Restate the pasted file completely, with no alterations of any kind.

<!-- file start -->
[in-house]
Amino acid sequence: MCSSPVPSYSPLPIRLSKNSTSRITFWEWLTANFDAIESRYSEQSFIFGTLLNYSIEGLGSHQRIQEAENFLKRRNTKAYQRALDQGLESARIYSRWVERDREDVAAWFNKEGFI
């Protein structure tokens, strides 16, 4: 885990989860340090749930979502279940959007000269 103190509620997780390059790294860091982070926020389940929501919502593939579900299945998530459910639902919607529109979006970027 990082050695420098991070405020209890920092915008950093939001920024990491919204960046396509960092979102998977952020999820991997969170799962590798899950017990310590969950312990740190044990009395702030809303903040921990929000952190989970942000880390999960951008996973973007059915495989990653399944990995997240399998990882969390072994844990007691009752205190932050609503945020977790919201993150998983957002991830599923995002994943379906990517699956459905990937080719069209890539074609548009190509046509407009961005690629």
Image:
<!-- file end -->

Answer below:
[in-house]
Amino acid sequence: MCSSPVPSYSPLPIRLSKNSTSRITFWEWLTANFDAIESRYSEQSFIFGTLLNYSIEGLGSHQRIQEAENFLKRRNTKAYQRALDQGLESARIYSRWVERDREDVAAWFNKEGFI
């Protein structure tokens, strides 16, 4: 885990989860340090749930979502279940959007000269 103190509620997780390059790294860091982070926020389940929501919502593939579900299945998530459910639902919607529109979006970027 990082050695420098991070405020209890920092915008950093939001920024990491919204960046396509960092979102998977952020999820991997969170799962590798899950017990310590969950312990740190044990009395702030809303903040921990929000952190989970942000880390999960951008996973973007059915495989990653399944990995997240399998990882969390072994844990007691009752205190932050609503945020977790919201993150998983957002991830599923995002994943379906990517699956459905990937080719069209890539074609548009190509046509407009961005690629």
Image: